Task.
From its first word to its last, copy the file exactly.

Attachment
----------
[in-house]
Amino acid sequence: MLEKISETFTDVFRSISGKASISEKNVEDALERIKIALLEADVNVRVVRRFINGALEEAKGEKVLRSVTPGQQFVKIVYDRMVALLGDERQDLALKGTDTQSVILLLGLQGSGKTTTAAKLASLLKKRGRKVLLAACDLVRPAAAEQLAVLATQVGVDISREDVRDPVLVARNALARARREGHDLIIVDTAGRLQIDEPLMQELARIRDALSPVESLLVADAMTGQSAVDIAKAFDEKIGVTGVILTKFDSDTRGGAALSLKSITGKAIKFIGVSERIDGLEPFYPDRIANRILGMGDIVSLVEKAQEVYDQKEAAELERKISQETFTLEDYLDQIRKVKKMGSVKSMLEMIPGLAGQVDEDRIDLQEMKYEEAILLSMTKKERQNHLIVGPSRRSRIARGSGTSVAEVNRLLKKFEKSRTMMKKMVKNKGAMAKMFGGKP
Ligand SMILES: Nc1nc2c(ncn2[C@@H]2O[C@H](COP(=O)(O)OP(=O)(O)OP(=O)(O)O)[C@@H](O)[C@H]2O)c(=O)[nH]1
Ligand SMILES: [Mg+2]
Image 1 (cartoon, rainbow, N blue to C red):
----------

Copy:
[in-house]
Amino acid sequence: MLEKISETFTDVFRSISGKASISEKNVEDALERIKIALLEADVNVRVVRRFINGALEEAKGEKVLRSVTPGQQFVKIVYDRMVALLGDERQDLALKGTDTQSVILLLGLQGSGKTTTAAKLASLLKKRGRKVLLAACDLVRPAAAEQLAVLATQVGVDISREDVRDPVLVARNALARARREGHDLIIVDTAGRLQIDEPLMQELARIRDALSPVESLLVADAMTGQSAVDIAKAFDEKIGVTGVILTKFDSDTRGGAALSLKSITGKAIKFIGVSERIDGLEPFYPDRIANRILGMGDIVSLVEKAQEVYDQKEAAELERKISQETFTLEDYLDQIRKVKKMGSVKSMLEMIPGLAGQVDEDRIDLQEMKYEEAILLSMTKKERQNHLIVGPSRRSRIARGSGTSVAEVNRLLKKFEKSRTMMKKMVKNKGAMAKMFGGKP
Ligand SMILES: Nc1nc2c(ncn2[C@@H]2O[C@H](COP(=O)(O)OP(=O)(O)OP(=O)(O)O)[C@@H](O)[C@H]2O)c(=O)[nH]1
Ligand SMILES: [Mg+2]
Image 1 (cartoon, rainbow, N blue to C red):